In Michael’s post he wondered about the relationship between Vilson’s memoir and his policy recommendations.
These first chapters represent one end of a continuum – the intensely personal and specific – and most policy discussions represent the other. Should we read Vilson as arguing for shifting policy-talk away from abstractions towards the personal? What would such a debate look like? Are there also dangers in leaning heavily on the personal? Finally, what does the space between the abstracted and the personal in policy discussions look like?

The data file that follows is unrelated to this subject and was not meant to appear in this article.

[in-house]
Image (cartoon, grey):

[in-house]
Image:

Full post is here.